|Transcript of Interview of Nell Cole Graves and Bea Cole (Mrs. Waymon Cole)|
|Interviewee:||Nell Cole Graves|
|Interviewee:||Bea Cole (Mrs. Waymon Cole)|
|Interviewer:||Michelle A. Francis|
|Date of Interview:||August 31, 1985|
Today is August 31st and I'm talking with Nell Cole Graves at J.B. Cole's in Seagrove, North Carolina. (Tape stops, then starts)
Now, the girl that's typing this, the girl that's transcribing this.
She says, "Now, you tell Nell to get up close:" (Laughter)
Oh, no. You tell here I cain't talk loud! (Laughter)
She said, "Now don't let her play with any paper and don't let her play with any coins (Laughter).
Now, I'm doin' somethin' all the time with my hands.
I'm either doin' paper, doin' like that.
Or I've got a pencil and I'm doin' like that with it.
You just can't sit still, can you?
I can't. I can't be still. I just cannot.
Yeah, it is hard, I know. I was listenin' to some of the other tapes--see, now there you go (Laughter)!
Oh my, move it away from me.
I know. I was listenin' to some of the other tapes and someone, I think it might have been one of the Cravens, said that your dad learned how to turn pots from J.D. Craven. Did you ever hear about him, remember him talkin' about
that? That Jase Cole learned how to turn from J.D. Craven?
Hm-um. But, uh, Henry Hancock did.
Uh-huh. Henry Hancock learned because, I don't think I've got one of those copies down here, but I've got that at home and I'm pretty sure--I know in there that J.D. Craven taught him. But J.D. Craven didn't teach my daddy, I don't think.
You don't think so? I just thought I'd check out that rumor, and see if there was any truth to it.
Mm-hum. If he did, I never, uh, he never did tell me anything about it.
Do you know who your dad learned from? Was the first potter he worked with?
Well, not really, because his people were potters, you see. They came from England over here. That's where we started from. But I don't, you know, Dorothy Auman has probably got the history.
Yeah, she probably does.
Okay. Well, I just thought I'd ask about that. Last time we talked, we were talkin', tryin' to talk about the pottery here in decades, you know, we talked about the '20s and we talked about the '30s and we were talkin' about the '40s when we quit last time. We were talkin' about who was potting, you know, who was turnin' at that time.
And I think we said that, uh, in the early '40s there was you and Waymon and Philmore. . .
Mm-hum, and Bascome King.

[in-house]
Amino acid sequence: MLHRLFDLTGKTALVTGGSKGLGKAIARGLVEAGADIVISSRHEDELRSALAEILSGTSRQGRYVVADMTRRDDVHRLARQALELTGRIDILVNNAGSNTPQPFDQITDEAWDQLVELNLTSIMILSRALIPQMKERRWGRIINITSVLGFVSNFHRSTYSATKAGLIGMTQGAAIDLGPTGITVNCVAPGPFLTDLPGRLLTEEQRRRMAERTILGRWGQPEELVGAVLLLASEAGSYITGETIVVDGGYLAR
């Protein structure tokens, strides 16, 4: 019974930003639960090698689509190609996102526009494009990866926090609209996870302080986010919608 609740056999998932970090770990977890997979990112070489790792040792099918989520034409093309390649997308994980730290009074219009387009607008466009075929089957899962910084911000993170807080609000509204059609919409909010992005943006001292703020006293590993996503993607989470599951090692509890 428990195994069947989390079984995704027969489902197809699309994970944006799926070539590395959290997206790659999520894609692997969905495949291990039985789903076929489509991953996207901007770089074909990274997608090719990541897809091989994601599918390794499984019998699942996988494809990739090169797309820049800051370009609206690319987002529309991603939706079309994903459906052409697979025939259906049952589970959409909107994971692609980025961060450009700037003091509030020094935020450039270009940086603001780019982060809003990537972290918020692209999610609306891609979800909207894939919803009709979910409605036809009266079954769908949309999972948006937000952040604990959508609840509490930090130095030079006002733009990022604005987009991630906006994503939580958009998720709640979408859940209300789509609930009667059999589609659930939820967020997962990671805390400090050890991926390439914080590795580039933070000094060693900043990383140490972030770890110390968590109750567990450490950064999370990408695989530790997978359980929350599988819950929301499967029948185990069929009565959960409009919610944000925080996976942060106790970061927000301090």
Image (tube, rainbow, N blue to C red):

And Bascome King.
And, uh, and Ad Luck?
And Ad Luck.
Yeah. And then Ad died and. . .
Let me see, I don't think Ad was, in '40s, Ad was. . .
That's okay (Laughter) .
Ad wasn't turnin' in '40s. Huh-uh. He got here more in uh, I think he died in '42, I guess he just died, uh, I guess he'd be comin' late '40s.
In the late '40s was Ad Luck.
Okay. Who, what kind of, who were you sellin' pottery to in the '40s?
In the '40s?
We were sellin' pottery to a man in Florida, Frenches.
The Frenches? You were still sellin' to the Frenches. And we had talked about them some.
And, you were makin' some big things then.
Big garden urns, if I remember right.
We were talkin' about that. What else?
Uh, well, they wanted like the big stuff, and then they got vases and things like that.
Mm-hum. Flower pots?
Big flower pots. Uh-huh.
When you say "big", how big are you meaning?
Oh, about that high, and about that big around.
So that would have been about. . .
Great big ones.
. . .about 13 inches high?
18 inches high.
. . .and about?
And maybe around 24 inches wide.
24 to 25.
So those are big flower pots. Would they be glazed?
Mm-hum. They were all glazed.
What were the colors you were makin' those in?
Oh, we made uh, that rust-orange. We made a lot of that for them, then we made some green, and um, the brown sugar.
I bet the brown sugar did up nice in those flower pots.
Mm-hum. They were pretty.
I bet that did, it was really pretty.
And we did some in the lighter colors, maybe white and things like that.
Mm-hum. Were you sellin' to anybody else but the Frenches?
Yeah. We sold to a lot of the shops in the mountains.
In the mountains--North Carolina mountains?
Do you remember any of the companies?
Uh. . .
This was in the '40s. I remember you tellin' me about Sunset, but that was earlier.